It’s no secret that commercial property — think buildings, mixed-used and more — values have changed in the last six months due to the pandemic and real estate is currently in unchartered territory.

This is according to the president of commercial real estate brokerage NAI Pleasant Valley, Alec Pacella, who recently spoke at the 2020 REALTORS Conference & Expo.

COVID-19 Impact

Pacella, who hosted a session titled, “Selling CRE Properties: How COVID-19 Impacts the Numbers,” summarized the recent history of the commercial real estate industry, including its pricing index, value peaks, and buyer expectations.

“We’ve had a great run over the last six or seven years,” Pacella said of commercial real estate investment in a NAR news release.

“In the early part of last decade – 2006, 2007, 2008 – expectations were actually greater than the pricing index. There was more demand than there was supply.”

But in 2009 and 2010, as Pacella notes, expectations were lower than the pricing index. As a result, investments in commercial real estate were nearly nonexistent.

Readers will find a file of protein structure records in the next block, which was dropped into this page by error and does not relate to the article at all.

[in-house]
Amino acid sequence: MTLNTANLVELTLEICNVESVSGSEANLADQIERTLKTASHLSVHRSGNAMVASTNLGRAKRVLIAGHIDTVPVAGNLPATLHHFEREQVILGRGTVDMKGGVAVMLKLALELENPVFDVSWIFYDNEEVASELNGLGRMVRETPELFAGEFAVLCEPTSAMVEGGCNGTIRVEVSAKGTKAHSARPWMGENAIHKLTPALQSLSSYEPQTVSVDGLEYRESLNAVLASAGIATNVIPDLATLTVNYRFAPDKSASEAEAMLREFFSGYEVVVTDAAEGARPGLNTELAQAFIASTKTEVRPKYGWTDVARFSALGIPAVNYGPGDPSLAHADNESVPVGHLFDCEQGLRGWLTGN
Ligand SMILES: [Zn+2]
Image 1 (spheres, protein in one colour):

“No deals were happening then,” he said. “You couldn’t give real estate away in a lot of markets because the expectations were so low.”


The scenario Pacella describes is not unlike the current state of commercial real estate, as many landlords of once-profitable businesses have watched popular chains struggle or be forced to permanently close their doors.

Pacella said the key to navigating this market is for property owners and investors to keep a dialogue. And because of the market’s cyclical nature, Pacella said investors will want to be in a position to capitalize when conditions eventually improve.

“In an uncertain market, it’s critical to keep conversations going.” Having a strategy to engage in open conversation, he said, could eventually lead to a deal in the future.

Up and Down

In the commercial real estate arena, transactions can take place when markets are going or going down, according to Pacella.

“We could sit there and sit on our hands and say ‘we’re out of business; come talk to me in 2021, 2022 when things get back.’ No, that’s not what we do, that’s not how most of us are wired.”

The National Association of Realtors is considered to be America’s largest trade association, representing more than 1.4 million members involved in all aspects of the residential and commercial real estate industries.

Source: NAR